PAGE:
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Ain't Nothing Like the Wheel Thing
Lars Anderson
May 12, 2008
Hot young drivers—and one smooth dancer—have reinvigorated IndyCar
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May 12, 2008

Ain't Nothing Like The Wheel Thing

Hot young drivers—and one smooth dancer—have reinvigorated IndyCar

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IT DIDN'T seem all that significant at the time. Last September, Helio Castroneves, a two-time winner of the Indianapolis 500, began competing on ABC's Dancing with the Stars. With an audience of nearly 25 million viewers tuning in for the final episode, Castroneves, displaying the same silky grace he's known for on the track, won the competition with partner Julianne Hough, causing his Q rating to skyrocket. "I am now the king of the grandmas, because everywhere I go, people tell me that their grandma loves me from watching the show," says the handsome Brazilian, laughing. "Winning Dancing with the Stars helped our entire sport because people who normally wouldn't check out our races are starting to do that."

Indeed, Castroneves's charisma has been a boon for the entire IndyCar Series, and it's one reason why the once struggling sport of open-wheel racing is starting to rebound. Through four races this season, TV ratings for IndyCar are up 23% from 2007, and according to the series traffic to its official website,, has increased 90% each month this year. Deep-pocketed sponsors such as Coca-Cola, DirecTV and Peak Motor Oil have recently signed long-term deals with the series. And though IndyCar hasn't had a title sponsor since 2000—sponsorship being one of the telltale signs of a racing league's financial health—officials are close to locking in one for 2008 and beyond.

Is this a return to the glory days of the 1970s and '80s, when names like Andretti, Foyt and Rutherford ruled the open-wheel ranks? No, not quite yet, but IndyCar is relevant again. One big reason, apart from Castroneves's fancy footwork, is IndyCar's merger with Champ Car, formerly known as CART. The two open-wheel series had been competing since 1996, when Indianapolis Motor Speedway owner Tony George broke away from CART and formed the rival Indy Racing League. (It named its premier series IndyCar in 2003.) The split caused confusion among fans (triggering a free fall in TV ratings, attendance and the popularity of open-wheel racing, which in the early 1990s arguably rivaled that of NASCAR), drove away sponsors and pushed promising young American open-wheel drivers such as Tony Stewart, Ryan Newman and Kasey Kahne into stock cars. But after years of squabbling, George's IndyCar series agreed on Feb. 22 to absorb Champ Car, ending the open-wheel cold war. "Unification has removed the biggest barrier we had," says Terry Angstadt, president of IndyCar's commercial division. "We're open for business like never before."

Still, it's personalities that drive any sport—so what about star power? Marketers have had to work around the fact that since 1995 only four winners of the Indy 500 have been American—and even the top U.S. drivers have little name recognition. (Quick, name two facts about Buddy Rice, the 2004 Indy 500 winner, or Eddie Cheever Jr., the '98 champ.) But that is starting to change, and not just because American sports fans are thinking more globally. Consider Graham Rahal, the 19-year-old son of 1986 Indy winner Bobby Rahal. On April 6, in the second race of the year, in St. Petersburg, the mature-beyond-his-years Rahal became the youngest driver to win a North American open-wheel race. Rahal drove in Champ Car in '07, and his victory dispelled fears among former Champ teams that they couldn't compete with the existing IndyCar operations. Rahal also showed that he possesses all the elements of a star driver in the making: a veteran's savvy on the track and the poise and wit to trade bons mots with David Letterman—who happens to co-own an Indy team with Graham's father—ten days after his historic win. Rahal told Letterman that Castroneves's ability to dance "worries him" and, since he was denied champagne after his victory because he's too young to drink, sprayed bubbly all over the Ed Sullivan Theater audience.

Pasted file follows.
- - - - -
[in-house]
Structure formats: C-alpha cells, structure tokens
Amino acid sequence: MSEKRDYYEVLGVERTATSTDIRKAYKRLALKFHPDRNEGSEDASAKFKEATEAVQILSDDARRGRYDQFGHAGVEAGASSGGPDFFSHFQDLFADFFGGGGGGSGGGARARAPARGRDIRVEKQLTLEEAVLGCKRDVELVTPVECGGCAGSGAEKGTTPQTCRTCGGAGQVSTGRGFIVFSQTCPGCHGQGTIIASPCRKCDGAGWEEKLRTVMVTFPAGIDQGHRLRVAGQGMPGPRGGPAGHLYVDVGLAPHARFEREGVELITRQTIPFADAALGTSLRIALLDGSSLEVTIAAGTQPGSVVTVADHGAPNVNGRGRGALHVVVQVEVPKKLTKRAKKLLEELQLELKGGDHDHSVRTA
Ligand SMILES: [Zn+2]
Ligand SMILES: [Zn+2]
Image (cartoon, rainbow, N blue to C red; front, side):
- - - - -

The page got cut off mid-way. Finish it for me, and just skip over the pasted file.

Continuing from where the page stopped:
Nor is Rahal the only young driver in the series who boasts a glamorous last name. Marco Andretti, 21, led 13 laps in last year's Indy 500 before suffering a crash, and he's well positioned to finally break the Andretti curse at Indy. (Marco and his grandfather Mario; great-uncle Aldo; father, Michael; and uncle Jeff are a combined 1 for 58 in the Greatest Spectacle in Racing.) And then there's Andretti's teammate at Andretti Green Racing—a driver you may have seen a lot of—Danica Patrick.

On April 19 Patrick took the checkered flag in Motegi, Japan. It was her first victory in 50 career IndyCar starts, and it moved Indy racing to the front of the sports section while proving that she's not Anna Kournikova in fireproof clothing. "I was so tired of hearing the question, 'Can you win?'" says the 26-year-old Patrick, who has done ads for Honda, Motorola and XM Satellite Radio. "I feel like this is just the beginning for me. And our series is better now than ever. People on the street are starting to know about us, more money is coming in, and the exposure is growing. It's a snowball effect."

Perhaps, but while snowballs are nice, it's summer that IndyCar racing would like to reclaim, starting with the 92nd running of the Indianapolis 500, on May 25. A ratings boost seems almost inevitable, with Rahal, Castroneves, Andretti and Patrick in the hunt. Can IndyCar ever catch NASCAR, which claims a fan base of 90 million? That will be tough, but suddenly the future of open-wheel racing in the U.S. appears bright. Just ask your grandma.

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